Childcare in the city of Vancouver is difficult to find and what is available isn’t affordable for the average Vancouver family. A new report presented to City Council today outlined the largest increase in child care funding in the City’s history, as the 2012 budget surplus – $5 million – was invested into the Childcare Reserve to support new child care spaces is welcome news for those families that love to live in the city.
“We are committed to investing in child care as a way to make Vancouver more affordable for young families, and improve early childhood education,” said Mayor Gregor Robertson. “At a time when demand for child care far outstrips supply due to a lack of funding from senior levels of government, the City is stepping up to help make Vancouver a more supportive city for families and children.”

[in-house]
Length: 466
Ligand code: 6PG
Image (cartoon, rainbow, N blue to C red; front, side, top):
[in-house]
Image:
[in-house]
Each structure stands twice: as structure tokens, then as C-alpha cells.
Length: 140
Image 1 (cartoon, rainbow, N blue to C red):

Vancouver’s Childcare Reserve was established in 1991 to provide funding that supports the high cost of infant and toddler care, helping keep costs down for families. In 2004, City Council created the Joint Childcare Council, where the City, Park Board, and School Board coordinate planning efforts and partnerships with private and non-profit partners to enable new child care spaces. After it was cancelled in 2006, Mayor Robertson and City Council reinstated it in 2009.
From 2009-2011, the JCC exceeded its benchmark of 300 new spaces by an additional 153. The target for 2012-2014 is 500 new spaces in Vancouver.
The $5 million is the biggest one-time increase for child care in the City’s history. Demand for child care is much greater than what is available, with only 19% of children having access to space in Vancouver.